I would also like to add this piece of testimony given by Behe in the Dover trial:

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Of course it won’t stop us from accurately representing his position @Mung. Your sympathetic revision of his position is just not accurate. I encourage you to read his new book, where he makes clear his position on these matters. We don’t have to guess or rely on your guess.

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So here we have another example, quoted by T_aquaticus, where Behe does not rule out natural causes. But will that stop anyone from claiming otherwise? Probably not.

I look forward to it. We already know from you that Behe does not lump all evolution under natural selection or Darwinism. But that won’t stop people from claiming otherwise. This we also don’t have to guess about.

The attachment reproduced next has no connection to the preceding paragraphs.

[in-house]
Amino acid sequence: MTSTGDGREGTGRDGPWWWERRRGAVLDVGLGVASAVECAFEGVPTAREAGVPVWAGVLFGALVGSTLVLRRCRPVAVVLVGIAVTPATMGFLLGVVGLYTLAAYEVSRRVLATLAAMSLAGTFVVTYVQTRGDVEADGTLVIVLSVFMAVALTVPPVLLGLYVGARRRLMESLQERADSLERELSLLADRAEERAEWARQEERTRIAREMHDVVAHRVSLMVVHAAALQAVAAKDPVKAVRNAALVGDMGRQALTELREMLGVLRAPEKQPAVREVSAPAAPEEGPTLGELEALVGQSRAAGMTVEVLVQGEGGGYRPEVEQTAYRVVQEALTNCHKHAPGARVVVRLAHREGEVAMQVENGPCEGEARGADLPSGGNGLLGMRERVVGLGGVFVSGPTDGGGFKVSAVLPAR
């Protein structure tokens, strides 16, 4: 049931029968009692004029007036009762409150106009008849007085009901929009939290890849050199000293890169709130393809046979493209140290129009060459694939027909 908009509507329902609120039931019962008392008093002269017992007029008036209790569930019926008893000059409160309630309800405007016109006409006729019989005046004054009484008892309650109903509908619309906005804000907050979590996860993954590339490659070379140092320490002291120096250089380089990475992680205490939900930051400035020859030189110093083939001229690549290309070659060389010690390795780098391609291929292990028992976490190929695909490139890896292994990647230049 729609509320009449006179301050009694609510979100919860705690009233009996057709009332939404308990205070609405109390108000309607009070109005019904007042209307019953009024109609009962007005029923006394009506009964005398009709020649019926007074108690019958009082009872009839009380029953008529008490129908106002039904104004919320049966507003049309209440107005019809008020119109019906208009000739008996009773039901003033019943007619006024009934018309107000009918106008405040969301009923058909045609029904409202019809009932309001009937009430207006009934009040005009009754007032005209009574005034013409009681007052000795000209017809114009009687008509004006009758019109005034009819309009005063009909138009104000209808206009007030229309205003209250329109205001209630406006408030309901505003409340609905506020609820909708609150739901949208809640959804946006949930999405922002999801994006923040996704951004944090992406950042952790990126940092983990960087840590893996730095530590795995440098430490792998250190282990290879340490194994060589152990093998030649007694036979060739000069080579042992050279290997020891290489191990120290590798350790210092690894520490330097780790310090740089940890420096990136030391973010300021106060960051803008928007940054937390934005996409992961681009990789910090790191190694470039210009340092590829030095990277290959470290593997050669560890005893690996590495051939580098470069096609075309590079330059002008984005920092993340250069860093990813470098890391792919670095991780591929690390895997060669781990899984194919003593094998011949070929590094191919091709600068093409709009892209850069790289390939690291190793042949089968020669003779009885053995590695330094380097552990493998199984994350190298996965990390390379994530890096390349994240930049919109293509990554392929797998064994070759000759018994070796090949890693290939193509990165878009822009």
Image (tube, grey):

Behe clearly states that something like the flagellum will not be produced by bacteria all on their own through natural processes without the help of an intelligent designer. The fact that you can’t be honest about this fact only illustrates how problematic intelligent design is.

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This is a straw-man. I wondering if you can critique your own misrepresentation here.

In what way is it a straw man Bill? Behe is pretty clear that he believes ID is necessary for making the flagellum and in his most recent book say this would come as an “infusion of information” from the designer.